In order to allow the greater movement of fish along the river to the sea, ‘’lifts’’ have been constructed to help them bypass the dams.
10. Summit Adventures
This entertainment facility for kids up to the age of 10 is a great place. Several different things are there to amuse them, from laser tag and mini golf to a series of inflatable obstacles. It is located on Roosevelt Trail near the Windham Shopping Mall. If mum wants to shop while you keep an eye on the kids, she can do so.
You can sit and watch them at nearby tables and be prepared for two or three hours if you leave it entirely up to them how long you stay.
11. Jet Ski Guy
You may not have tried jet skiing before, and unless you are in Windham for a few days with time on your hands, jet skiing may not be on your program. However, if you want to give it a go, Jet Ski Guy will ensure you enjoy time on the water.
Based in River Road, he can hire you a jet ski or provide help as required to get some fresh air and excitement while you are in town.
12. Armand’s Kitchen Cooking Classes
Less exciting but certainly interesting, is the opportunity to learn from a top quality chef. You can go individually or as a group for a session with Doug Armand, with the emphasis on your favorite foods.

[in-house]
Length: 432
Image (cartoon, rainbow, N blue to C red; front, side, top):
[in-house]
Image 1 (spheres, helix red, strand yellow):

You can choose your menu and watch how an expert prepares the food, joining in with the less exacting parts of the preparation and eating the resulting dishes.
13. Windham Indoor Shooting Range
If you want an indoor activity that is fun and exciting, the Windham Shooting Range is the place for you. Here, you can shoot automatic pistols at targets various distances away.
Safety is something the staff stress throughout your time in the range. You can choose from a choice of weapons, pistols, and rifles. The range attracts complete novices as well as experienced shooters.
14. Babbs Covered Bridge
This bridge linking Windham with Gorham is named after a family that lived close to the railroad line when the Bridge opened in 1840.
It was destroyed in 1973 by fire, but as the oldest of such bridges in Maine, it was seen as essential to rebuild it in its original form. The State Transport Department agreed, with many organizations and volunteers getting involved in the project.
It was ready in time for dedication on the Bicentennial of the USA, 4TH July 1976.
15. Chute’s Family Restaurant
Whatever your taste in food, you will find a restaurant to suit you in Windham. This family restaurant on Roosevelt Trail has been in Windham for many years, serving a wide-ranging menu of popular, wholesome food – starting with a very early breakfast.
The daughter of the original owners and her husband now run the place, which has been in the family for 40 years. You can have a late brunch or lunch seven days a week.
Parking is slightly limited but the food is worth walking a little way if you must.